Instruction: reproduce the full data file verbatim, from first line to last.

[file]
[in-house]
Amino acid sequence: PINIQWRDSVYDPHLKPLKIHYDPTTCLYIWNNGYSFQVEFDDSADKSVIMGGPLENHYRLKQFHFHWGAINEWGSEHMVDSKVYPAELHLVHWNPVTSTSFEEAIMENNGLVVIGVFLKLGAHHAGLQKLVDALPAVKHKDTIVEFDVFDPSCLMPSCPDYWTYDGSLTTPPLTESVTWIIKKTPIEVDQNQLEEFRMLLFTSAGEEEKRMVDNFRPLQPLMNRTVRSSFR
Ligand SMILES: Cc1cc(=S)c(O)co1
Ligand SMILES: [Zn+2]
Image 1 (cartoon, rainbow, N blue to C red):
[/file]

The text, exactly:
[in-house]
Amino acid sequence: PINIQWRDSVYDPHLKPLKIHYDPTTCLYIWNNGYSFQVEFDDSADKSVIMGGPLENHYRLKQFHFHWGAINEWGSEHMVDSKVYPAELHLVHWNPVTSTSFEEAIMENNGLVVIGVFLKLGAHHAGLQKLVDALPAVKHKDTIVEFDVFDPSCLMPSCPDYWTYDGSLTTPPLTESVTWIIKKTPIEVDQNQLEEFRMLLFTSAGEEEKRMVDNFRPLQPLMNRTVRSSFR
Ligand SMILES: Cc1cc(=S)c(O)co1
Ligand SMILES: [Zn+2]
Image 1 (cartoon, rainbow, N blue to C red):